Beliefs and politics

Somewhere off in a different part of the internet, I’ve been getting stick for the following comment:

I guess what I’m trying to say is that liberals care about people too. We believe fervently in the power of individual decisions to bring about good outcomes for everyone. We see tremendous potential in human beings – potential that requires little more than freedom to express itself. We’re passionate about empowering people to run their own lives. All of these things are deeply idealistic and even quite beautiful.

Although the guy I’m arguing with is just a troll, his objection to my use of “fervently” gave me pause.

What I’d like to see is a Liberal Economist (just once) elaborate the evidential basis for their “fervent” beliefs. It is my considered observation that “fervent” anything rarely ends well for anyone.

He’s wrong, of course. Continue reading


Kickstarter: dumb entrepreneurs, dumb investors

Via @ow on Twitter comes this little rant:

Continue reading

How can we ensure quality rental housing?

Yesterday we heard that the Government plans to sell off some of its state houses. This morning’s news included this piece about substandard rental housing in Cannon’s Creek.

The article raises again the idea of a “warrant of fitness” for rental properties. The Cannon’s Creek advocate, Bill Hiku, is unconvinced, and I don’t blame him. Continue reading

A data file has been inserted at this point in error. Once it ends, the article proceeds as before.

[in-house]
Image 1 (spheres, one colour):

What does it mean to treat people like human beings?

The 2014 election was the first time I’ve ever had real trouble deciding how to vote. For the first time, no party represented my interests. My desire for liberty and efficiency, born of my training and work as an economist, clashed with my desire for a decent standard of living for all – a result of my socialist upbringing. My awakening feminism found no friends on the Right, and my liberalism was an uneasy companion on the Left.

After a lot of deep thought (and eventually voting strategically, which I loathe), I realised that there’s no real reason for my two ideologies to disagree. Everything I believe about how society should operate comes down to one basic tenet: treating people like human beings.

So what does that mean?

It means a basic standard of living, yes, but it also means having a care for what kinds of distortions are being created along the way.

It means letting people make their own choices. Trusting that they know what’s best for themselves, no matter whether they are a parent or a beneficiary or a criminal or a homeowner.

It means holding people to account for their choices while recognising that those choices are a product of the person’s preferences, incentives and social environment.

It means avoiding unnecessary intrusion into people’s lives, by the state, by the health or welfare or education system, by spy agencies.

It means letting business get on with its central function of adding value, seeking profit, and employing labour. It means allowing profit-seeking behaviour to identify the best types and means of doing business, giving everyone in society the best possible chance of having access to goods and services that satisfy their wants.

It means support for free market pricing and the conditions that lead to efficient decision-making, so that individuals’ choices are not unfairly constrained by inefficient markets.

It means every person and business that benefits from the system contributing to the cost of maintaining the system.

It means recognising market failure when it happens. It means promoting equality of opportunity without trying to dictate what that should look like. It means taking care of public goods so that everyone can benefit from them.

It means protecting the most vulnerable and supporting them in self-determination – to heal, to work, to parent, to stay alive.

And it means making sure that, when today’s kids grow up, there will be a meaningful role in society for them.